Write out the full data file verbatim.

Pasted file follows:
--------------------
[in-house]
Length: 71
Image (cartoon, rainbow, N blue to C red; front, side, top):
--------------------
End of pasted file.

[in-house]
Length: 71
Image (cartoon, rainbow, N blue to C red; front, side, top):